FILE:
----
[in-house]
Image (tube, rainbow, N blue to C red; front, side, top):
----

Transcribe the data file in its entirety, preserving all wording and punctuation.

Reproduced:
[in-house]
Image (tube, rainbow, N blue to C red; front, side, top):